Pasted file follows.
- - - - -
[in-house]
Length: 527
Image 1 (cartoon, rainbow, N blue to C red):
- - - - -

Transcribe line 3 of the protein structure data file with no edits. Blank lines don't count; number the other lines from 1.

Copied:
Image 1 (cartoon, rainbow, N blue to C red):